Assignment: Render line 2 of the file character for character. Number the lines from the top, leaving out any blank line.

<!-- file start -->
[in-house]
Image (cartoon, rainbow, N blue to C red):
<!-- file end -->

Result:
Image (cartoon, rainbow, N blue to C red):